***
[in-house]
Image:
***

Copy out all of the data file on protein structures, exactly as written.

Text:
[in-house]
Image: